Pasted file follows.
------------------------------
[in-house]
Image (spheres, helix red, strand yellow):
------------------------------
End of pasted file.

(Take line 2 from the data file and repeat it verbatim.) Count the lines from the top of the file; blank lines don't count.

Image (spheres, helix red, strand yellow):